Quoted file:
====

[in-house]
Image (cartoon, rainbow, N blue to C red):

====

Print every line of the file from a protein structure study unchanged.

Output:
[in-house]
Image (cartoon, rainbow, N blue to C red):